So my latest hat that I've had to don in the legal arena has been that of a bankruptcy/creditor's rights attorney, with me as the creditor. Although The Ex had signed our divorce decree and agreed to be responsible for certain debts (an extremely MINOR portion of the debt at that) he had no intention of ever paying it and had already expressed that he was just going to file bankruptcy and leave me stuck with EVERYTHING. Yea, he's a real man's man. And for once in his life, he was true to his word and filed bankruptcy, attempting to leave me with 2 credit cards, all of a second mortgage, and the deficiency on his car that he couldn't pay for and got repossessed (and which is now wrapped into MY car loan because of cross-collateralization, meaning my car will NOT be paid off next year as anticipated..... I just gotta *woo sah* on that one). Fuck. That. So, being the incredibly smart cookie I am, I did a little research, and this is what I found:

"11 U.S.C. § 523(a)(15), was changed to state that any obligation 'to a spouse,former spouse, or child of the debtor and not of the kind described in paragraph(5) [“domestic support obligations”], that is incurred by the debtor in thecourse of a divorce or separation or in connection with a separation agreement,divorce decree or other order of a court of record, or a determination made in accordance with State or territorial law by a government unit is not dischargeable.' This is a very dramatic change which, in effect, states that any obligations coming from a dissolution judgment or separation agreement are not dischargeable in bankruptcy."


I told this fool this before he ever filed for bankruptcy -- even e-mailed him the relevant sections of the bankruptcy code, effectively doing the work of his attorney for him-- but still he included me as a creditor to be discharged just like the rest of the lot. If I haven't already made this abundantly clear by now, The Ex isn't very bright, and part of his not-very-brightness results in him consistently underestimating my intelligence and tenacity. I wasn't going to take this shyt lying down and I let him know this.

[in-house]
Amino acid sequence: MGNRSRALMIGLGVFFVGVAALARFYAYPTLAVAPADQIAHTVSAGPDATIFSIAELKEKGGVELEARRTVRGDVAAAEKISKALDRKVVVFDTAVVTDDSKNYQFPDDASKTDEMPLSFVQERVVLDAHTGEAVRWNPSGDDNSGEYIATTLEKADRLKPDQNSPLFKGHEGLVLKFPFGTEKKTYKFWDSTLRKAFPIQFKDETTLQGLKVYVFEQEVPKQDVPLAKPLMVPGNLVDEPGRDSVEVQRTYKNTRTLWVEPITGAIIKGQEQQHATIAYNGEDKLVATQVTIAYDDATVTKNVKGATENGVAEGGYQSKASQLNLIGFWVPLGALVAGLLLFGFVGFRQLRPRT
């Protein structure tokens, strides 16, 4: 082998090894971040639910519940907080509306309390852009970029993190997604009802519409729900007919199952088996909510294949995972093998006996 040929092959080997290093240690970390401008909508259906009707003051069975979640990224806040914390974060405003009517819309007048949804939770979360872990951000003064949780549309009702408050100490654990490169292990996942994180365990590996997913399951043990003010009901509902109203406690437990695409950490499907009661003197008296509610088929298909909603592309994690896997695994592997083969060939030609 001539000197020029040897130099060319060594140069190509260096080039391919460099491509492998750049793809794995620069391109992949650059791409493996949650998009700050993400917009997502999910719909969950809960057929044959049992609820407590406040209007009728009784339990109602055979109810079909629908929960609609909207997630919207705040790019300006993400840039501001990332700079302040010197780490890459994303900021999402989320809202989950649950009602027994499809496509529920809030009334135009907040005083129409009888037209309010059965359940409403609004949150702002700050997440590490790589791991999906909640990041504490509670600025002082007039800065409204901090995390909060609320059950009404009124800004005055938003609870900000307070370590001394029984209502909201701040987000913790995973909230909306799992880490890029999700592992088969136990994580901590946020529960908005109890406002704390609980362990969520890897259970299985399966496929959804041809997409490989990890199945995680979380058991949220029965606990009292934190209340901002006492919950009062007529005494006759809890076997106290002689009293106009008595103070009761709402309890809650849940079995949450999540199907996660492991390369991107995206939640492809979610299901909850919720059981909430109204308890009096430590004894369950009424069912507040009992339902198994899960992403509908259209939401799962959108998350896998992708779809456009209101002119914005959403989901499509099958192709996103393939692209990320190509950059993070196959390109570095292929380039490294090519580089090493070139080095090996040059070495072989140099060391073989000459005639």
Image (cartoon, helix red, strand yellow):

But...... I had no effing CLUE about anything to do with bankruptcy or creditors rights. I had about 3 months to figure it out, though. I asked people at work, and nobody knew. I asked a friend who is a creditors rights attorney at a Big Firm, and he didn't know (he didn't deal with consumer bankruptcies). I scoured the net, but all I could find was information for debtors wanting to file bankruptcy; nothing for creditors like me. As the May 4th deadline approached, panic started to set in.... I was going to get stuck with about $17,000 worth of debt that he was supposed to be responsible for. I didn't want to hire an attorney and pay him/her $1000 to possible still get nothing..... after all, I was only trying to get a determination that my debt was no dischargeable, it would not have been an order to pay..... that would come with the contempt orders. But finally, on May 3rd I found it.... some convoluted instructions and forms on how to file an adversary proceeding on the court website (don't ask me why my very-smart-yet-dumb ass didn't go to the bankruptcy court's website to begin with). Complaint, cover sheet, summons.... it was all there with instructions (albeit not very clear instructions that I couldn't imagine making any sense to a lay person, because they barely made sense to me as a non-litigator attorney).